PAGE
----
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A hot and windy day is lifting fire risks to extreme in parts of Sydney and elsewhere in the state, with a bushfire emergency warning issued for Richmond Vale near Cessnock in the Hunter where a number of properties are under threat.
Sydney's temperature, meanwhile, topped 33 degrees just after 1.30pm, the first time the city has reached such a level in 159 years of records so early in September. It is also closing in on the record of 34.6 degrees for any time of the month.
The NSW Rural Fire Service said the out of control fire had broken containment lines but firefighters and aircraft are working to protect properties and slow the spread of the fire.
The air tanker Thor has been sent to assist and emergency alerts have been sent to people in the area.
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The main route through Richmond Vale, Leggetts Drive, has been cut in both directions and residents have been advised to seek shelter and protect themselves.
A separate fire has broken out at Black Hill, east of Richmond Vale. The RFS has issued a watch and act warning for the fire which is burning close to the M1 motorway.
Firefighters are also monitoring the fire burning at Beacon Hill on Sydney's northern beaches.
A burst of early season summer-like weather has put emergency services on high alert with total fire bans declared for the greater Sydney and Hunter regions, the North Coast and the north-west.
The Bureau of Meteorology on Wednesday lifted its forecast to 33 degrees for the city and most of the basin. Sydney Airport has already reached 35 degrees, and the city was recently just shy of 34 degrees.
The previous warmest temperature this early in the month was 32.2 degrees on 13 September 2009.
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"Not only is it significant for September, it's even extreme [for so early in the month]," Brett Dutschke, a senior meteorologist with Weatherzone, said.
The earliest in September that Sydney has had a 33-degree day was 11 years ago, and 11 days later in the month on September 24, he said. The September average for daytime temperatures is 20.1 degrees.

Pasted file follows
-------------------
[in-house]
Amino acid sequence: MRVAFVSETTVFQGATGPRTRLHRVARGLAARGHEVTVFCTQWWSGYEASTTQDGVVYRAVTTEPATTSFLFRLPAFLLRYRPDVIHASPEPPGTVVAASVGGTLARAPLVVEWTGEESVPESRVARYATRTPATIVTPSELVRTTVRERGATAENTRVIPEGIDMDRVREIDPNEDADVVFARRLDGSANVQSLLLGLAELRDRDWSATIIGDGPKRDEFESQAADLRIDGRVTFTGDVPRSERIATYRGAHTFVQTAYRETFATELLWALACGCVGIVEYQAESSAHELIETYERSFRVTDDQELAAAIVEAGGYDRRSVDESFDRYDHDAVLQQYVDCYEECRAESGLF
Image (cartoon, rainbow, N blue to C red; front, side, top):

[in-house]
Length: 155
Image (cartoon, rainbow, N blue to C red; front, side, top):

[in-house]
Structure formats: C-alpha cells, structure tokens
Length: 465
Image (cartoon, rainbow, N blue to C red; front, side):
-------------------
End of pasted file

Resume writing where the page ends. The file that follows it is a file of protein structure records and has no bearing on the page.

"Parts of Sydney are likely to have fire danger ratings going into the extreme category today," Mr Dutschke said.
As of Wednesday morning, the RFS had reported 70 fires burning across the state with 20 of them yet to be contained. The service requests members of the public report any sightings of unattended fires immediately.
The extreme fire conditions are a combination of the heat, wind and how dry the conditions have been in recent months.
Over the past 90 days, the city has had one of its two or three driest periods for this time of year, Mr Dutschke said.
"We're lucky today is not as windy as tomorrow," he said.
Even so, winds are likely to pick up by early afternoon and gust to 60-70km/h before easing back. The strongest gusts in the Sydney region so far have been about 63 km/h, such as at the airport.
Winds, though, will swing around to the south by the evening, sending temperatures back to about 20 degrees by 9pm on Wednesday.
By Thursday, though, the wind chill combined with cooler, dry air will make for a sharp return to wintry conditions, Mr Dutschke said. Gusts could reach 80km/h.
There is little sign of rain, other than the odd shower, for at least a week.
After the cooling off patch from Thursday, temperatures should climb back to mid-20s or higher by early next week.
The following weekend, though, should see a return to hotter conditions.
"It looks comparable to today at this early stage," Mr Dutschke said.
The record for any September day in Sydney is 34.6 degrees, set on the 26th of the month in 1965.
September is typically a transition month as wintry cold fronts vie with bursts of heat drawn from Red Centre.
source : smh.com.au
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